of least resistance. Movement of the practitioners hand creates a pressure gradient

resulting in small amounts of fluid leaving the soft tissues and entering the venous or

lymphatic systems, improving lymphatic flow (Wieting 2004).

In addition to its mechanical effects, deep transverse friction (and other massage techniques) causes the release of histamine which has a superficial vasodilatory effect that assists in the washing out of metabolic waste products. A noticeable decrease in lactate occurs in massaged muscles which can be associated with reduced muscle spasm, increased endurance and force of contraction. (Cox, 2007)

Other beneficial effects of massage include decreased blood viscosity and increased hematocrit levels. There is also an increase in circulating fibrinolytic compounds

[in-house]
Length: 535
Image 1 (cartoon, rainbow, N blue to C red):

along with substances such as myoglobin, creatine kinase, dehydrogenase, and

glutamic oxaloacetic transaminase which probably represent local muscle cell leakage

from the applied pressure. There is also release of endorphins and enkaphalin

production (Wieting 2004).

Impulses from the stimulation of superficial skeletal muscle fibres, cutaneous and spindle receptors reach the spinal cord and may produce segmental moderation and even somatovisceral reflex changes (Wieting 2004).

The normal healing process may also be improved by the breaking of cross bridges, which will help to prevent abnormal scarring. The mechanical action of the technique causes hyperaemia and increased blood flow to the area (Brosseau et al 2002). In addition shearing stresses are created at tissue interfaces below the skin. e.g.dermis-fascia, fascia-muscle, muscle-bone interfaces, the deep pressure prevents shearing of superficial tissues and the shear force is directed at the deeper tissue surface interface (Wieting 2004). This helps release underlying adhesions and promotes improved circulation to the area (Lorenzo 2004).